LOUISVILLE, Ky., (WDRB) – At first, Louisville Metro Police issued a press release describing a series of violent June 30 protests that culminated in a dangerous situation where police were attacked and a car taking part in a caravan "rammed the armored SWAT vehicle on scene."
LMPD later reversed course, however, and acknowledged that, after watching video of the incidents, it was in fact the SWAT vehicle that purposely hit that car trying to leave the area.
"As police attempted to block that vehicle from leaving the Chase Bank parking lot, it drove over the curb towards the sidewalk in an attempt to get away," police wrote in the subsequent press release. "Fearing for the safety of the pedestrians on the sidewalk, we struck the vehicle in attempt to preserve human life."
But a new lawsuit filed by two drivers claims police were the aggressors and lied repeatedly about the incident, despite still-unreleased video evidence.
Cortezz Dickerson and MacKenzie Kraps claim they did not know each before that night, according to a lawsuit filed on their behalf in Jefferson Circuit Court last week by attorneys Ashlea Hellmann and Maria Fernandez.
Dickerson and Kraps say they were in separate cars and had participated in a protest caravan that was approaching the downtown intersection of West Jefferson Street and South Fifth Street, near Louisville Metro Hall.
"We came up upon the roadblock that LMPD had created, and we knew we needed to leave," Kraps said in an interview. "We had heard that, you know, people were kind of like, 'Oh, we hear guns.' Or, you know, like, 'It’s not safe. Like, we hear that there’s stuff going on at the square. Everybody should go home.'"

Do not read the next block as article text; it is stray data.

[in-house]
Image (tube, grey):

Both drivers say they turned into a nearby Chase bank parking lot to cut over to West Liberty Street and leave the downtown protest area.
Kraps, according to the suit, said she stopped driving when she saw a SWAT vehicle "sideswipe" a fellow protester she knew driving a four-door sedan. After that, Dickerson, a veteran with mental health issues, drove his black Jeep around the left side of Kraps’ vehicle attempting to turn onto Liberty Street from the bank parking lot, the lawsuit claims.
As he attempted to make the turn, "the LMPD SWAT vehicle, which had previously been at a complete stop, suddenly accelerated toward" Dickerson’s Jeep and struck it, pushing the vehicle into the sidewalk and then the bank wall, the suit says.
"Honestly, it was like I was back in Iraq — for real — because we used to drive the same vehicles doing combat security," Dickerson told WDRB News.
The suit claims police gave no warning and endangered protesters for no reason, as Dickerson’s license plate was visible and he could have been tracked down later.
A Facebook live video taken by Kraps immediately after the incident and included in the lawsuit shows her telling her audience, "You guys, we just watched a f****** BearCat hit someone in our caravan."
In the video, she rotates the camera to show the vehicles — the BearCat and the jeep — stopped on a sidewalk near Fourth Street Live as officers appear to arrest Dickerson.
When she leans out and asks for Dickerson’s name, an officer tells her to "get in your car and back up," according to the video.
Officers then come over to Kraps as she continues to film.
"You want to play games, get out of the car," an officer appears to say in the video.
As officers begin to take Kraps into custody, one screams, "Get out of the car and get your hands behind your back!"
"What?" Dickerson says, according to the video. In the shuffle, the phone falls into the vehicle and the screen goes black.
"You’re assaulting me," an officer tells her. "You’re assaulting me," she responds.
An LMPD report says a detective reported pain in the lower right side of his or her back "from the assault and resisting" of Kraps. The lawsuit, however, claims Kraps was assaulted and that Officer William Bower struck Kraps with his baton and slammed her into her vehicle.